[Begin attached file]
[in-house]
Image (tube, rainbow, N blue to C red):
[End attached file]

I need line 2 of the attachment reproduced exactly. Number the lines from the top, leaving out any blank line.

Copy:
Image (tube, rainbow, N blue to C red):